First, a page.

keywords = "Cerebral aneurysm, Complications, Early branches, Multiplicity, Outcomes, Post-surgical infarcts, Proximal middle cerebral artery, Size",
author = "Dong-Hyuk Park and Shin-Hyuk Kang and Lee, {Jang Bo} and Lim, {Dong Jun} and Taek-Hyun Kwon and Chung, {Yong Gu} and Lee, {Hoon Kap}",
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T1 - Angiographic features, surgical management and outcomes of proximal middle cerebral artery aneurysms

AU - Park, Dong-Hyuk

AU - Kang, Shin-Hyuk

AU - Lee, Jang Bo

AU - Lim, Dong Jun

AU - Kwon, Taek-Hyun

AU - Chung, Yong Gu

AU - Lee, Hoon Kap

PY - 2008/6/1

Y1 - 2008/6/1

N2 - Objective: Understanding the microanatomy of the proximal middle cerebral artery (M1) and its early branches is very important for aneurysm surgery in this region. However, few articles provide detailed descriptions of such aneurysms. We report the angiographic characteristics of a series of M1 aneurysms and our experience with M1 aneurysm surgery. Materials and methods: Twenty-three patients with 25 (combined) M1 aneurysms presented to our institution from January 2001 to December 2006. We examined the general characteristics and angiographic features of the M1 aneurysms, such as site, size, direction, and their association with early branches. Results: Of the 23 patients with M1 aneurysms, 13 were women and 10 were men. Nineteen of the aneurysms had ruptured prior to presentation. Multiple aneurysms were observed in 10 of the patients. Angiography showed that 14 of the aneurysms were less than 5 mm in size, and most of the aneurysmal projections were superior. Eighteen of the aneurysms involved early frontal branches and three involved the lenticulostriate arteries. Postoperative infarction was seen in eight patients. Five of the eight patients showed either no or slight neurological deficits at the follow-up visit. One patient, however, suffered from hemiparesis and aphasia that corresponded to the vascular territory of the early frontal branches and lenticulostriate arteries. Two patients had a total MCA infarction and a posterior fossa infarction, respectively. Conclusions: This study highlights the need for the critical management of M1 aneurysms, taking into consideration the size and number of aneurysms. By performing careful angiographic investigation of the aneurysm and related early arterial branches of M1, postoperative complications may be minimized.

AB - Objective: Understanding the microanatomy of the proximal middle cerebral artery (M1) and its early branches is very important for aneurysm surgery in this region. However, few articles provide detailed descriptions of such aneurysms. We report the angiographic characteristics of a series of M1 aneurysms and our experience with M1 aneurysm surgery. Materials and methods: Twenty-three patients with 25 (combined) M1 aneurysms presented to our institution from January 2001 to December 2006. We examined the general characteristics and angiographic features of the M1 aneurysms, such as site, size, direction, and their association with early branches. Results: Of the 23 patients with M1 aneurysms, 13 were women and 10 were men. Nineteen of the aneurysms had ruptured prior to presentation. Multiple aneurysms were observed in 10 of the patients. Angiography showed that 14 of the aneurysms were less than 5 mm in size, and most of the aneurysmal projections were superior. Eighteen of the aneurysms involved early frontal branches and three involved the lenticulostriate arteries. Postoperative infarction was seen in eight patients. Five of the eight patients showed either no or slight neurological deficits at the follow-up visit. One patient, however, suffered from hemiparesis and aphasia that corresponded to the vascular territory of the early frontal branches and lenticulostriate arteries. Two patients had a total MCA infarction and a posterior fossa infarction, respectively. Conclusions: This study highlights the need for the critical management of M1 aneurysms, taking into consideration the size and number of aneurysms. By performing careful angiographic investigation of the aneurysm and related early arterial branches of M1, postoperative complications may be minimized.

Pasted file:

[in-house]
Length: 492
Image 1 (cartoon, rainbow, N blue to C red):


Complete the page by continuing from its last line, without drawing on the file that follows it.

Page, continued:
KW - Cerebral aneurysm

KW - Complications

KW - Early branches

KW - Multiplicity

KW - Outcomes

KW - Post-surgical infarcts

KW - Proximal middle cerebral artery

KW - Size